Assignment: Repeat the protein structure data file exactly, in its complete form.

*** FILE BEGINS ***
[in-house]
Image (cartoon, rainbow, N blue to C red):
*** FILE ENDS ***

[in-house]
Image (cartoon, rainbow, N blue to C red):